Benjamin J. Crooks, MA, MBBS, MRCP1, John McLaughlin, BSc, MBChB, PhD, FRCP2, Jimmy K. Limdi, FRCP, FACG1
1Northern Care Alliance, Bury, England, United Kingdom; 2Salford Royal NHS Foundation Trust, Manchester, England, United Kingdom
Introduction: In an aging population, 25-35% of those with inflammatory bowel disease (IBD) are over 60 years old. A third of these are diagnosed with IBD at or over the age of 60, so-called “older-onset” IBD . Despite epidemiological associations implicating diet in IBD aetiology, virtually no studies exist exploring perceptions and beliefs of patients with older-onset IBD.
Methods: A prospective, cross-sectional, questionnaire-based study is being conducted in the UK. Two-hundred patients with older-onset IBD will complete a questionnaire regarding demographics and dietary practices. Here we provide an interim analysis of the data collected from the first 29 patients.
Results: Mean patient age was 73.5 years, 55% were male, 93% Caucasian, 69% had ulcerative colitis and 31% had Crohn’s disease. Mean disease duration was 6.2 years. 24% of patients felt diet was an initiating factor in their IBD and this was based on their own experience (86%) or advice from a gastroenterologist (57%) or dietician (43%) in the majority of cases. Just under a quarter of patients believed that diet could trigger a relapse of their disease with 43% of these identifying both milk products and raw fruit and vegetables as the most common causes.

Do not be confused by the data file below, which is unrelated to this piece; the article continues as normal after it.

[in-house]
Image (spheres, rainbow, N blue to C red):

60% of patients avoided certain foods to prevent relapse. The most commonly avoided foods were spicy (82%) and fatty foods (65%), carbonated drinks (53%), red meat (47%) and alcohol (41%). Over 50% reported being able to find specific advice regarding dietary recommendations in IBD, and three-quarters of these used the internet to obtain this advice. A fifth of patients avoided eating the same menu as their family at least some of the time to prevent relapse of their IBD and 30% of patients avoided eating out. 17% had tried a specific exclusionary diet to help manage their disease.
Discussion: Despite a low proportion implicating diet in the initiation of IBD or its relapse, a significant number continue to restrict their diet. This, along with co-existing frailty, comorbidities and polypharmacy, may put this group of patients at increased risk of nutritional deficiency and its associated complications, underpinning the need for understanding the dietary practices and perceptions in this vulnerable group. A larger dataset will be presented at conference proceedings.
Citation: Benjamin J. Crooks, MA, MBBS, MRCP; John McLaughlin, BSc, MBChB, PhD, FRCP; Jimmy K. Limdi, FRCP, FACG. P1425 - DIETARY PRACTICES AND BELIEFS OF PATIENTS WITH OLDER ONSET INFLAMMATORY BOWEL DISEASE: A PROSPECTIVE STUDY FROM THE UNITED KINGDOM. Program No. P1425. ACG 2019 Annual Scientific Meeting Abstracts. San Antonio, Texas: American College of Gastroenterology.